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Macmillan backs Bill O'Reilly after Fox News sacking

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The company said Wednesday that it had parted ways with longtime host Bill O'Reilly after a "thorough and careful review of allegations against him".

O'Reilly's ouster is the network's second major prime-time shake-up in recent months.

Last summer, 21st Century Fox CEO Roger Ailes resigned in the wake of his own sexual misconduct scandal.

His exit will be a far greater blow than the departure of rising star Megyn Kelly.

The news was discussed by Howard Kurtz, Fox's media analyst, during a segment on the network's 6 p.m. program "Special Report".

Murdoch, who is executive chairman of Twenty-First Century Fox, also wrote the company is committed to "fostering a work environment built on the values of trust and respect".

Representatives for 21st Century Fox and O'Reilly did not immediately respond to requests for comment about Greene's allegations. According to ad-tracking firm Kantar Media, it brought in $147.13 million in advertising revenue in 2016.

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Carlson's show, "Tucker Carlson Tonight", will take over O'Reilly's time slot on Monday, April 24.

O'Reilly's show, "The O'Reilly Factor", is the top-rated show on Fox News.

O'Reilly said in the statement at the time that he had settled only to spare his children from the controversy.

"Paying settlements to cover up O'Reilly's egregious harassment was a cost of doing business as long as it was confidential", said attorney Debra Katz, founding partner at Katz, Marshall & Banks, which handles employment discrimination cases. "It will be harder for him to reach the same number of people". It could also have alienated employees.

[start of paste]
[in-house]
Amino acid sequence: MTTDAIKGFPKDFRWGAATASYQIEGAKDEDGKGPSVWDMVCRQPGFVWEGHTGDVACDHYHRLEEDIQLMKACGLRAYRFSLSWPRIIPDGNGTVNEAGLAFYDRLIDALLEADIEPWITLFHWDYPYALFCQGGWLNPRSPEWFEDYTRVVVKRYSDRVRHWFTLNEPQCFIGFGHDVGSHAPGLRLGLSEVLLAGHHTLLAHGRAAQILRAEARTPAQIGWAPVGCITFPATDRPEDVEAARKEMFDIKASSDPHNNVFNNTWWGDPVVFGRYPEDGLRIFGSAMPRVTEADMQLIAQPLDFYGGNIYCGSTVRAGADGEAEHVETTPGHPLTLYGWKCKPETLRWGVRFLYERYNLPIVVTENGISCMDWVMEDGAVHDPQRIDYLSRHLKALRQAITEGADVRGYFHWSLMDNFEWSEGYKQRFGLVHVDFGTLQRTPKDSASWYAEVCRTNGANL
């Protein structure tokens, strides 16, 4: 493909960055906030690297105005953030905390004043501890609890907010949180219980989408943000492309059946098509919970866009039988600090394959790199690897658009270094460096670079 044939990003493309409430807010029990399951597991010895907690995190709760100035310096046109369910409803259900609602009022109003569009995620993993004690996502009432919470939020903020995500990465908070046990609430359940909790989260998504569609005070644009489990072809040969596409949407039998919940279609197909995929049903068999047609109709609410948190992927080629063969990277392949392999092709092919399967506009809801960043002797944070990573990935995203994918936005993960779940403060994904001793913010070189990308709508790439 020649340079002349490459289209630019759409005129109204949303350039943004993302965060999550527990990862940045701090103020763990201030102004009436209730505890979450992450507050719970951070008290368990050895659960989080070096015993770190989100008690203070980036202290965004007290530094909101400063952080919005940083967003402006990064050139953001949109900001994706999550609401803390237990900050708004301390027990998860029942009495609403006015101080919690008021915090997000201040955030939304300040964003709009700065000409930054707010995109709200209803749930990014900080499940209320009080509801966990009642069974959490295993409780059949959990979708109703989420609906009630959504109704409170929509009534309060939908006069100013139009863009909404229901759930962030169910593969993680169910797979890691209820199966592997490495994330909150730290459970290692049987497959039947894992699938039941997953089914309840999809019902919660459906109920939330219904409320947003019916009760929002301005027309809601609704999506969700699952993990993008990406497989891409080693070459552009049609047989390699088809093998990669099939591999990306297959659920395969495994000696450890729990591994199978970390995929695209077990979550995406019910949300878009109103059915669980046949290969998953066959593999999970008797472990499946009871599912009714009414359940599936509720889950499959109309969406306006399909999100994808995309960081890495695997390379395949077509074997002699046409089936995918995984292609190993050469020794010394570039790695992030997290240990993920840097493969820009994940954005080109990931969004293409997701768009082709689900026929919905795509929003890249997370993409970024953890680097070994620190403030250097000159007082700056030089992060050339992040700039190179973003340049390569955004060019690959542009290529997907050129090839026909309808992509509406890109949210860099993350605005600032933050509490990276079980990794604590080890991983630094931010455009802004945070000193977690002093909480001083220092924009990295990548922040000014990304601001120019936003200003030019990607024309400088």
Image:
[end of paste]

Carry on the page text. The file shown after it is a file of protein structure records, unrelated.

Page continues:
It's so fitting that the career of Bill O'Reilly, that bombastic sh*theel, comes to a sputtering end without so much as a "goodbye". The O'Reilly-free future for Fox News will be a unprecedented test of its ability to dominate the cable landscape without its leading man, as reported in The Altantic. It's now trying again, although a United Kingdom media regulator must certify that the combined company would be a "fit and proper" owner of the broadcaster. After the dismissal of Ailes, the company struck two settlements involving sexual harassment complaints against O'Reilly and extended his contract. It also said the decision "follows an extensive review done in collaboration with outside counsel". But Fox said Wednesday that wouldn't happen. "That's bigger than O'Reilly", he said.

President Donald Trump, an avid Fox News watcher, had leapt to O'Reilly's defense following the New York Times report, calling him "a good person". Ousting O'Reilly, he said, "does not speak to a changed culture".

Dana Perino, who has been filling in for O'Reilly since he announced an extended break earlier this month, announced that he was no longer with the network, adding: "We know you, his loyal viewers, will have a lot of feelings about it".

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